The final lab practical actually went well last week! We had to synthesize luminol for chemiluminescence, which is what forensics uses at crime scenes to detect bloodstains. It actually wasn’t too bad of a procedure, thankfully not involving distillation of any kind, and the hardest part was probably just heating things at over 200 degrees Celsius. I was relieved that one of my friends warned me not to burn my product, though, because I saw some people’s product turning black. I kept an eye on mine to make sure it stayed a yellowish color, and all went well (other than a few accidental brushes with the burning hot heating mantle). I was also careful to avoid my thermometer bursting, thank goodness, which is what happened to a neighboring student and scared me breathless because the glass flew everywhere. No one was hurt other than the thermometer thankfully, and everyone was a hundred times more watchful of their own thermometers after that. Note to any orgo lab students in the fall: keep your thermometer cooling down with your solution until at least 100 degree Celsius! The sudden temperature change from over 200 to room temp when you pull it out will make it explode, and this will terrify everyone around you and you will shamefully have to get the dustpan from the stock room and a new thermometer. While I didn’t have a very good percent yield, but the chemiluminescence portion went quite well. It felt like the longest seconds of my life, watching my professor watch her iPhone stopwatch to see how long my luminol would last. But that sucker managed to glow a brilliant bright blue for 20+ seconds, to my absolute relief.

In a matter of days I’ll be starting Campus Housing training and then right after that it’ll be time to shuffle into classes every day again. I don’t anticipate training to be difficult though, since I’ve been through it all once before last year, and I doubt very much protocol has changed. Honestly, I’ll probably be yawning through most of the lectures on community, duty, how to tutor, and so on, but it’s going to be so incredibly exciting meeting the whole new staff. Courtyard always has the largest staff by far (nearly 30 people), and with only a small fraction being returner staff (including fellow UIC blogger Holly, who is the Senior Resident Assistant!), there will be many many new faces to see and people to meet. I’m actually more nervous about getting ready for my residents, because I’ll have roughly 50 or more this year! That’s kind of a jump up for me from last year, when I was lucky with only about 30 residents. I’m worried that it’ll be hard to get to know everyone as personally, so I’ll have to step up my game in the first couple of weeks and try to put names to faces as soon as possible. And of course, I’m looking forward to meeting my co, the RA to my PM. I’m already thinking about door decs, bulletin boards, and floor decorations and what I can possibly make before the year is started. I’m not exactly the most artsy person when it comes to decorations and crafts, and it’s always been a struggle for me to be really creative with them…hopefully they come out somewhat appealing to the eye.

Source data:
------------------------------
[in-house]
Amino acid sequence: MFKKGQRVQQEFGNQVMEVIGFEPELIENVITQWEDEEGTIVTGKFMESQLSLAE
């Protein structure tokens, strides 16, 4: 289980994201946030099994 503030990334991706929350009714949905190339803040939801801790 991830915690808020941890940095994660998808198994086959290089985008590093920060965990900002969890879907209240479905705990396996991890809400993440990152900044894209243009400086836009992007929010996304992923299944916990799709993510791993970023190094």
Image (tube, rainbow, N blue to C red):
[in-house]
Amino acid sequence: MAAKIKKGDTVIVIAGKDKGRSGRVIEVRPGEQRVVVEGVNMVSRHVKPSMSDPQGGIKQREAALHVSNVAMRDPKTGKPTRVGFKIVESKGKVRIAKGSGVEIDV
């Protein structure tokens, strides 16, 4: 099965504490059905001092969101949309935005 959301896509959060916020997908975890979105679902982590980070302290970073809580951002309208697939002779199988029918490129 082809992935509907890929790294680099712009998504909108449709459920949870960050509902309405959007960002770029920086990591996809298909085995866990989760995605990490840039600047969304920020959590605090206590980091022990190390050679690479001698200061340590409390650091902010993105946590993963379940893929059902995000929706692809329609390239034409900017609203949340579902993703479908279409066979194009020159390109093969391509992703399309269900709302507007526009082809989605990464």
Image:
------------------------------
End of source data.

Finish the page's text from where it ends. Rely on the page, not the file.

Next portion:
This is kind of what I was worried about when I started the summer – that I would feel burnt out at the end of classes and then jumping straight to training and then classes. But there’s no time for that, because who’s got time to be tired? I’m planning on taking this one free weekend (well, training starts Sunday, so really a little less than two days) to pull myself together and rally. I’ve got a long list of things to do that I’ve been putting off in lieu of more important things (school and work of course) and it’s time to catch up – namely little things for myself, like updating my music/running playlist at last because it’s sorely overdue, finish packing up stuff to move over to East campus, printing out some sheet music and chords to have ready to mess around with when I have time, and practicing that darn Bm chord on the guitar (the “real” way, not the “kiddie” way I’ve been playing it haha).